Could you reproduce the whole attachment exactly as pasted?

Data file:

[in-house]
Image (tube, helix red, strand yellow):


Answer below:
[in-house]
Image (tube, helix red, strand yellow):